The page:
THE ISSUE: State Road 200/County Road 491 intersection.
OUR OPINION: An accident waiting to happen.
In any road system, intersections are planned points of conflict. As such, they present major road safety challenges, as evidenced by the statistical data that in the United States an average of one-quarter of traffic fatalities and roughly half of all traffic injuries occur at intersections.
For motorists accessing State Road 200 via County Road 491, S.R. 200’s 55 mph speed limit combined with a difficult sight line from C.R. 491 makes the intersection an accident waiting to happen.
During Citrus County Commission Chairman Jeff Kinnard’s recent visit to the Chronicle Editorial Board, discussions with the board prompted a question as to the prospects for a traffic light at the
S.R. 200/C.R. 491 intersection. Noting the question, Kinnard said he would bring it to the Board of County Commissioners (BOCC) to see if there was any interest in raising it at a meeting of the Metropolitan Planning Organization (MPO).
Chairman Kinnard brought the question forward at the Sept. 24 BOCC meeting. However, despite the safety of citizens being the acknowledged core responsibility of government at all levels of governance, the question was given short shrift rather than a fair hearing.
Commissioner Scott Carnahan’s posturing set the discussion tone for the BOCC with his immediate, disdainful dismissal of the question, saying that he didn’t realize the Chronicle Editorial Board is an expert on traffic lights and asserting that “I’m not going to have the editorial board force an issue on us.”
Commissioner Carnahan — it was a question — not an edict! Furthermore, your chairman voluntarily offered to bring it to the BOCC.
Commissioner Jimmie T. Smith got on the bandwagon by saying the intersection only presents a potential danger to motorists during peak travel hours. Motorists traveling the intersection during either peak or non-peak travel hours should not take comfort from this pearl of wisdom.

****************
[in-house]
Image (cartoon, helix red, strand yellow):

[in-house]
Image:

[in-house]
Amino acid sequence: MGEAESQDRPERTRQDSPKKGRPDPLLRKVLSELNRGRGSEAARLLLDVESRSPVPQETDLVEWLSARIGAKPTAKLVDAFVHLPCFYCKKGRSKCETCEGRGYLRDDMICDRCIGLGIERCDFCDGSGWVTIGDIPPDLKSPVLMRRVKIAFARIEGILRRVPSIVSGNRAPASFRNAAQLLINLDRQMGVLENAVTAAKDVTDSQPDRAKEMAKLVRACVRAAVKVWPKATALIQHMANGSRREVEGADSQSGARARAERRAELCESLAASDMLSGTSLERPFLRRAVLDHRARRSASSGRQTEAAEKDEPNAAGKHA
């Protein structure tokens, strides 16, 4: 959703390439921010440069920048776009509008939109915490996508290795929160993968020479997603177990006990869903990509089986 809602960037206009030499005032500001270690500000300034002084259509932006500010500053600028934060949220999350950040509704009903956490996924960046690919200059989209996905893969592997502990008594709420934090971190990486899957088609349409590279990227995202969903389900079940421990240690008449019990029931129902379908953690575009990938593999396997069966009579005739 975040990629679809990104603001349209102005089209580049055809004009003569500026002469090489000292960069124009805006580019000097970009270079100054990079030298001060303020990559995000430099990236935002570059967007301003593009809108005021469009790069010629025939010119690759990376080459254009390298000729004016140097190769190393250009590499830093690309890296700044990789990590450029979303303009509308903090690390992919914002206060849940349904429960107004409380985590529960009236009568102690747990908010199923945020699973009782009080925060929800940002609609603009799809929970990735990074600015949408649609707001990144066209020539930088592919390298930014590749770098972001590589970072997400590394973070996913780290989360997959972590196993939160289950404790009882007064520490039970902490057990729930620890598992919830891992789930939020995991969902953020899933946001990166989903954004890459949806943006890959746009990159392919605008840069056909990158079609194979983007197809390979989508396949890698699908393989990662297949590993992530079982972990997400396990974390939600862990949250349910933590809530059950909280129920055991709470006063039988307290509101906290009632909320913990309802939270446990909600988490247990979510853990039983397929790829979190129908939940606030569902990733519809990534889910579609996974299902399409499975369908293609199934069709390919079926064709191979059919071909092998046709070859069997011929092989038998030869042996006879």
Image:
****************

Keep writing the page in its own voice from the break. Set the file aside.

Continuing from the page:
Not to be outdone by his fellow commissioners, Commissioner Ronald Kitchen chimed in with his curt dismissal of the question.
The one bright spot in kicking the editorial board question down the road was Commissioner Brian Coleman. Although he agreed with his fellow commissioners to not take the matter to the MPO, he exhibited the rationality to give the traffic light question a fair hearing by volunteering to gather traffic and crash information for the intersection to see if it’s warranted.
Whether or not the statistical data would support a traffic light at the S.R. 200/C.R. 491 intersection is a moot point given Carnahan’s comment that the indeterminable cost and time to widen the S.R. 200 bridge and roadway must come before the low hanging fruit of a traffic light.
With county commissioners allowing their personal feelings to pooh-pooh a traffic light at S.R. 200/C.R. 491, the answer to the question raised by the Chronicle Editorial Board is that the intersection will continue to be an accident waiting to happen for the foreseeable future.
Editor’s note: As of deadline, four out of every five people who voted in the Chronicle’s online poll agreed the intersection needs a light.